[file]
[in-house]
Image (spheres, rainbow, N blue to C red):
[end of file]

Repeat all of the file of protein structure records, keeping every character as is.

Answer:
[in-house]
Image (spheres, rainbow, N blue to C red):